In stark contrast to the last two governors, Jerry Brown is allowing many murderers to return to California streets, much to the dismay of victim’s advocates. But, it seems as if Brown has managed to balance public safety with rehabilitation, releasing those who pose little risk to the community and who have shown themselves reformed while incarcerated.
When the Board of Parole Hearings votes to release a murderer, that decision then goes before the Governor. If he denies the parole, in contrast to the board’s decision, a judge can reverse the governor’s decision, allowing the inmate to be released anyways.
In his year in office, Brown has approved 80% of the decisions sent from the Parole Board. Former Governor Schwarzenegger allowed about 25% and Gray Davis only allowed 2%.
Though the two previous governors were more reserved about approving the parole of murderers, judges often reversed their decisions. According to the Silicon Valley Mercury News, about 75% of Schwarzenegger’s denials were reversed, allowing the inmates to be paroled despite his objection.
In 2008, the state Supreme Court determined it was not enough for the parole of a person to be based solely on their original crime. Instead, how much of a risk they would pose if released should play a major role in the parole decision.
But victims’ rights advocates are worried the initial offense is being ignored. Christine Ward, of the Crime Victims Action Alliance, says the jump in paroled murderers is alarming. “…we’re eventually going to see some individuals convicted of committing the most heinous crimes imaginable being released from prison.”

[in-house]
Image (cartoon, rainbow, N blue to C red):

She may be right, but does it make sense to hold them solely based on the distaste their offense left behind? Instead, their conduct and progress in prison, paired with their risk for reoffending should be the ultimate determining factors in parole.
Interestingly, murderers are far less likely to reoffend once released than those convicted of other crimes. A Stanford Law School study last year found that of 860 murderers paroled in California since 1995, only five were sent back to prison for new crimes, and none of them were for murder.
Paroled murderers represent a very small fraction of the entire prison population and the entire parole population. So when someone says something like, “It just seems like he wants to open the doors and let everyone out,” as Harriet Salarno of the Crime Victims United of California said, it seems like a gross exaggeration.
Parole is a privilege afforded to people who have served time and who the parole board, the governor, and the courts believe will be successful when released.
Similar to probation, parole is characterized by frequent visits with an officer and different rules or conditions to adhere to. If you have questions about probation, parole, or how the criminal charges you are facing may affect your future, contact our offices today.